Dr. Giuseppina (Pepi) Fabbiano is a senior astrophysicist at the Smithsonian Astrophysical Observatory where she studies, among other things, galaxies, black holes and the rest of the high-energy Universe using Chandra and other telescopes.
It would be fair to say that I stumbled into astronomy. I grew up in a family of teachers, professors and professionals, both men and women, and there never was any doubt that I had to go to university and then get a good job. I was a precocious learner and always ‘first of the class.’ I won the math prize in high school and was one of a busload of high school students from the whole of Italy rewarded with a prize visit to France.
Aneta Siemiginowska is an astrophysicist at the Chandra X-ray Center. In addition to her responsibilities for Chandra’s Science Data System group, she is actively involved is exploring the Universe, particularly its black holes and galaxies.
For as long as I can remember, I wanted to learn about stars. The winter sky displayed the entire Universe right in front of me and I wanted to learn and understand the sky and the space. I do not think I understood what it meant to become an astronomer when I was a six year old, but each time somebody asked me what do I want to be when I grew up I answered, "I want to be an astronomer".
In this latest video blog, we sit down with Jessica Brodsky. Jessica is a student from Brown University who spent part of her summer doing detective work on the archive of Chandra images. Her task was to back fill the metadata into the Chandra images on chandra.si.edu. From her feedback, it was a useful experience, as Jessica's interests lie in digital assets management and web development. (We also heard that Jessica plans to take an astronomy course at Brown this year - awesome!).
Back by popular demand is our video blog series, Meet An Astronomer
Julia Lee is an associate professor in the astronomy department at Harvard. We caught up with Julia at a moment when she wasn't busy with her regular duties of running a research lab, teaching students, and everything else that a full-time position at a university like Harvard entails. Julia sat down with our "Meet an Astronomer" crew to explain how various choices she made led to her current career.
Kimberly Arcand has been a member of the Chandra Education & Public Outreach group since 1998. As the Media Production Coordinator, Kim's role includes oversight of a range of science outreach products and activities, including imaging and astronomical visualization, multimedia and print product development, exhibition creation and coordination, and development of museum/planetarium and broadcast products.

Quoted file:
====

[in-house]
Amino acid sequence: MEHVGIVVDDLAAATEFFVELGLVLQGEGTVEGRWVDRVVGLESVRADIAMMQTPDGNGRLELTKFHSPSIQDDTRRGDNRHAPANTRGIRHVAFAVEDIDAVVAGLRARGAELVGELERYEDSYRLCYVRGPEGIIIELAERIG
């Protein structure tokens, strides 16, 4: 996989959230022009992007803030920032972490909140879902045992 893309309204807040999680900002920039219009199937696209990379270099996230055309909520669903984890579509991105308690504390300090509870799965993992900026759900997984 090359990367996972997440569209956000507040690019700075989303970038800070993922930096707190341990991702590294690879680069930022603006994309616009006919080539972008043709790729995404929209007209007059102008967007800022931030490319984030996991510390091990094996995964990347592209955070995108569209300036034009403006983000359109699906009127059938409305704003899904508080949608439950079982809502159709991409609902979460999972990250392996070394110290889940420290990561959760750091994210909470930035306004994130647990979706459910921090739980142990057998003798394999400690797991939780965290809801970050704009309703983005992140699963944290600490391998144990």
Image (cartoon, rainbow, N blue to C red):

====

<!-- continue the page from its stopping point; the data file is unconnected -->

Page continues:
March 8th is International Women's Day (http://www.internationalwomensday.com/), an effort to mark the economic, political, and social achievement of women. From here at the Chandra blog, we'd like to extend that concept to include scientific achievements as well by highlighting our "Women in the High-Energy Universe" (http://chandra.harvard.edu/blog/taxonomy/term/19) series.
Melissa Weiss has been a graphic designer for the Chandra project for over a decade. Her work can be seen throughout Chandra's website as well as its print and multimedia products for students, teachers and the public.
I have to be honest, my career in astronomy happened organically. Part of me wants to say that, as a child, I always looked up at the stars and dreamed of what lay with them. But the reality is that my interests weren't really up with the stars, but down on canvas with paints, pens, and any other tool I could be creative with. Art has always been my passion.
Janet DePonte Evans is the Software Development Manager for the Chandra X-ray Center Data System (CXCDS) group, which provides end-to-end scientific software for Chandra's mission operations. This includes software to manage the scientific proposals, mission planning software prior to an observation, and then the software to reduce and analyze the scientific data returned from the telescope. Janet's group also developed and maintains the Chandra data archive and interfaces that allow scientists to retrieve Chandra data for further study.
Belinda Wilkes is a senior astrophysicist at the Smithsonian Astrophysical Observatory who specializes in the study of supermassive black holes in the centers of galaxies. She is also the Assistant Director for the Chandra X-ray Center.
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